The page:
Chief inspector highlights failings of e-Borders but says leisure boaters should still be included

An independent report has recommended the government push ahead with plans to log every recreational boat movement into and out of the UK under the e-Borders scheme.

John Vine
, chief inspector of borders and immigration, said that despite the scheme’s failings, the Home Office should “introduce a reporting and risk assessment process for General Marine traffic based on the e-Borders system and a process to provide for interception of vessels on a risk basis.”

This is no different from the original e-Borders proposition as outlined a decade ago, despite serious questions being raised over the years as to the unique difficulties in monitoring leisure boat traffic and the legality of the entire scheme.

The chief inspector’s report comes after nearly £500 million has been spent on e-Borders to date, and acknowledges that the scheme is falling far short of data collection targets.

By December 2010, 95% of passenger movements were set to be recorded, but that figure stands at just 65% today. e-Borders also came in for harsh criticism over the deletion of 649,000 records relating to potential drug and tobacco smuggling.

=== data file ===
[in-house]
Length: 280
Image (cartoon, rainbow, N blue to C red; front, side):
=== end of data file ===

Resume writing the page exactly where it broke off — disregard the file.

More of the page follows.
The report does acknowledge that there were “practical considerations” in applying e-Borders to leisure boaters, but fails to detail how these issues may be addressed.

“We welcome the acknowledgement in this report of the legal and practical issues that the RYA pointed out to the e-Borders team several years ago but it is concerning that the chief inspector did not seek to address these issues when formulating his recommendations,” Gus Lewis, head of legal & government affairs at the RYA, said.

“We maintain our long-held view that the e-Borders reporting methodology is simply not designed to accommodate the unscheduled activities of the recreational boating sector.
 
“We will continue to oppose the implementation of a regime in which all cross-border voyages to and from other EU states by recreational craft are required to be notified to the UK government in advance of the voyage.”

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